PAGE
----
The Illusion of Life
Let me state the obvious: You are now staring at your computer screen. What you are looking at are not real buttons and the objects moving in your game are not really alive. You have been tricked and you like it that way. It’s all an illusion! A good app keeps those illusions alive and sucks you in, a bad app ruins your buzz and makes you painfully aware of the fact that you are just staring at a computer screen. But what is the secret sauce of those illusions? I think, that the main ingredient of that sauce is processing velocity, which needs to be just powerful enough to satisfy a few “human constants”.
Acceptable Frame Rates
I know from my own experience that a game crawling at 6 frames per seconds (fps) does not do the trick. It does not suck you in, instead you look at the game and think: Oh, yeah, this is some game on my screen. The illusion is broken. So what is the “acceptable frame rate” when moving pictures come to life? Here at Adobe we aim for 20fps, but sometimes that’s just not doable. It seems that 16fps is the absolute minimum. Everything under 16fps ruins your buzz. Perhaps we can then just say:
20 frames per second = 1/20 seconds per frame = 50ms per frame 50ms >= processing velocity
Acceptable Response Time
I couldn’t find any literature on “acceptable frame rates” but there is a lot of material out there that discusses “acceptable response times” for web applications. According to this article Miller (1968) and Card et al. (1991) summarize acceptable response times as follows:
- 100 ms is about the limit for having the user feel that the system is reacting instantaneously.
- 1.0 second is about the limit for the user’s flow of thought to stay uninterrupted, even though the user will notice the delay.
- 10 seconds is about the limit for keeping the user’s attention focused on the dialogue.
In my opinion users become impatient in these days if they don’t get any visual feedback with some kind of progress report after the 1.0 second mark. If your desktop app is not up and running after 10 seconds you have lost the user, or made her angry about your product and, in extension, to your company. Also, I estimate that the average attention span for launch times is much shorter for mobile apps. I am afraid, your app needs to be up in about 1 second on mobile devices or the buzz is ruined. It seems that for button clicks we can assume:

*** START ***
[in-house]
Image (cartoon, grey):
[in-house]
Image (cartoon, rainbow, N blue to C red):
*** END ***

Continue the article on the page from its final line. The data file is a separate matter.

100 ms >= processing velocity
and for launch times, which includes load times, we should be on the safe side with:
1 s >= processing velocity
Three of a Perfect Pair
(UPDATE, 2/13/2012: I corrected the formula. It’s SW/HW not HW/SW. The bigger the tax, the greater the expression, which needs to be smaller than the Human Constant on the left hand side.)
It seems that there are some human constants (20 fps frame rate, 100 ms click response, 1 s launch time) that set the performance rules every app has to obey. I would define “processing velocity” as the hardware’s ability to process software as fast as possible. If you adopt this definition then hardware has the horsepower while software is the sticky part you throw into the blender. We could generalize this relationship as follows:
Human Constant >= (Software Tax) / (Hardware Horsepower)
But why am I telling you all this? I want to make the point that the Software Tax is the part developers have the most control over and it is also the most flexible part. I don’t expect humans change their perception much in the next 10 years. If we all do so, then we will most likely get more impatient. Hardware gets faster every year but during a typical 12-18 month production cycle of hardware generations you have to treat the Hardware Horsepower as a constant.
Pirates Love Daisies
La Quenta, Por Favor
So what does this all have to do with “dynamic” versus “static languages”? Why do I prefer static types for practical reasons? Isn’t “dynamic” versus “static languages” a question of religion?
That said, I would like to end this post. My wife wants to go down to the market here in Oaxaca, Mexico. She is eager to buy a musician-skeleton wearing a sombrero (calavera).